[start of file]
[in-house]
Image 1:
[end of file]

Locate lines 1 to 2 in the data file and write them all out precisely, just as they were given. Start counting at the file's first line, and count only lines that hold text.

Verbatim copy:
[in-house]
Image 1: